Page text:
Norsepower, a Finland-based provider of auxiliary wind propulsion systems, has successfully installed two 35-metre tall Rotor Sails for SEA-CARGO, a logistics provider in the North Sea market.
As explained, the installation heralds the world’s first tiltable Rotor Sail, showcasing that vessels that have to negotiate height restricted routes can benefit from this fuel and emissions-saving solution.
According to the analysis conducted by Norsepower and SEA-CARGO, the installation onboard the SC Connector, a 12,251 gross tonne sidedoor roll-on/roll-off (RoRo) vessel, can achieve a fuel consumption, fuel cost and carbon emissions reduction of up to 25%. In good wind conditions, the sailing vessel will maintain regular service speed by sail alone.
SC Connector, which sails between Western Norway, Denmark, the Netherlands and, also, Sweden and Poland, transits under multiple bridges and powerlines, requiring adaptation of the Rotor Sails to tilt to almost horizontal when required.
“This installation demonstrates the technology can go a long way to future-proofing IMO GHG compliance, while ensuring significant emissions, and fuel reductions to a variety of vessel profiles today,” Tuomas Riski, CEO, Norsepower, commented.
“We are focussing on utilising available renewable energy and using it for direct propulsion to design more environmentally friendly vessels. The Rotor Sail technology has been proven in the market for a while, but the size is unique for our project. The sails are far more efficient than conventional sails of the same size and the tilting function is essential to our voyage routes,” Ole Sævild, Managing Director, SEA-CARGO, said.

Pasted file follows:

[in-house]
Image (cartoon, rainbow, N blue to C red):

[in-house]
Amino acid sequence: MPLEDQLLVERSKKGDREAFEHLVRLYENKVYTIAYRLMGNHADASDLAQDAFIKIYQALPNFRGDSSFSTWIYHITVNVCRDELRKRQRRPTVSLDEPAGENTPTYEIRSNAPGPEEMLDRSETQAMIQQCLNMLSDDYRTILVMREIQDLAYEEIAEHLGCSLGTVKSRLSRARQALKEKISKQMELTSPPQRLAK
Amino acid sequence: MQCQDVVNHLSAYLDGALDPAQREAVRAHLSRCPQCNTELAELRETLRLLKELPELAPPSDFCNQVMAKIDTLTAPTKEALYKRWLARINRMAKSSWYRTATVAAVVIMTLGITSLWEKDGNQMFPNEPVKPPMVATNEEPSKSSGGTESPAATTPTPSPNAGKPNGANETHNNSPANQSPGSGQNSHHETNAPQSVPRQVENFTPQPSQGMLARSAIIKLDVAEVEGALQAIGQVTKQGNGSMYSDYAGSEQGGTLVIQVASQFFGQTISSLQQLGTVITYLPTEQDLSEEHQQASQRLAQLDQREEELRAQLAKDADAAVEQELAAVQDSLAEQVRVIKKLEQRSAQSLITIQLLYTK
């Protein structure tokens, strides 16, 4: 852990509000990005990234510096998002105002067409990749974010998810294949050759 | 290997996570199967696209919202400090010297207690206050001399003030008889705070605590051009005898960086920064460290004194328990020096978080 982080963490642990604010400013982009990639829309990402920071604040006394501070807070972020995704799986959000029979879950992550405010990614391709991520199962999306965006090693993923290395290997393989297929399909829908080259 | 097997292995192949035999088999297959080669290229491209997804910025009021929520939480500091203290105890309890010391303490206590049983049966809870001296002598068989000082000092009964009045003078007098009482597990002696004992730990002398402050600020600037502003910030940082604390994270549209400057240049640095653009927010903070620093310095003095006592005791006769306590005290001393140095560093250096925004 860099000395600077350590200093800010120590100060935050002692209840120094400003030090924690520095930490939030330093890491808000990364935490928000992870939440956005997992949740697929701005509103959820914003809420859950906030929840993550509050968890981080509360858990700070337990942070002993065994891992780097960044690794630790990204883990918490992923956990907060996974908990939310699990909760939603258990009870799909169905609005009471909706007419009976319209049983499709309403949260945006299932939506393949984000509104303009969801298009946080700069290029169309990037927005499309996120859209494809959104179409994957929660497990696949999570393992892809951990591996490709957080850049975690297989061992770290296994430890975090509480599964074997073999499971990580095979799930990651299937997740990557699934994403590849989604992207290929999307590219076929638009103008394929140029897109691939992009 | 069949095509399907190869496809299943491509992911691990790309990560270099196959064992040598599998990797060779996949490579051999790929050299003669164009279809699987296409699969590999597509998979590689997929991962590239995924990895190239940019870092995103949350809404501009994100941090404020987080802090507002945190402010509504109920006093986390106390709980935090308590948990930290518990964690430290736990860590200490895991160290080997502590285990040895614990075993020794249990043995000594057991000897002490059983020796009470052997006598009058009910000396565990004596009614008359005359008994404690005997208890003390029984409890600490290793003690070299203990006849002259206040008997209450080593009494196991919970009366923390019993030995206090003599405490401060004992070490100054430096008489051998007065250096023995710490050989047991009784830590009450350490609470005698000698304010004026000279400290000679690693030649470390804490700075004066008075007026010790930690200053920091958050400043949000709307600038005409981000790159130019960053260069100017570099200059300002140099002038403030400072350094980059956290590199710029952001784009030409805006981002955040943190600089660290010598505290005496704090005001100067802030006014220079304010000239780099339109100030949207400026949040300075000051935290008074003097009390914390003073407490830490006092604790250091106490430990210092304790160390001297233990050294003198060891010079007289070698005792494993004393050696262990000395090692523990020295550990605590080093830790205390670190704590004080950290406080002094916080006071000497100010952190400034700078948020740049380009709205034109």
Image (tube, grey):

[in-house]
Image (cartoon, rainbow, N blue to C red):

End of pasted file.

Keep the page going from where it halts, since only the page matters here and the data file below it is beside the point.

“Given the estimated emissions savings, we will use our experience of this full scale project, and proceed to develop it further for other vessels in our fleet.”
The Norsepower Rotor Sail Solution is the first third-party verified and commercially operational auxiliary wind propulsion technology for the global maritime industry. The solution is fully automated and detects whenever the wind is strong enough to deliver fuel and emission savings, at which point the Rotor Sails start automatically.
Source: World Maritime News